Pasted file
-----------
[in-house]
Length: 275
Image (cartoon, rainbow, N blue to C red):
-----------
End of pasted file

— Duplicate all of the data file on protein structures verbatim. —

[in-house]
Length: 275
Image (cartoon, rainbow, N blue to C red):